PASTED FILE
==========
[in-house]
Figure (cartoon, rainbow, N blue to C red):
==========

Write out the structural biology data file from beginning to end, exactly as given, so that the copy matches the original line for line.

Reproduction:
[in-house]
Figure (cartoon, rainbow, N blue to C red):